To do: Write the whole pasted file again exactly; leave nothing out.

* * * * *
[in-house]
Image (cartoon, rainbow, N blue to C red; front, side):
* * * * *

[in-house]
Image (cartoon, rainbow, N blue to C red; front, side):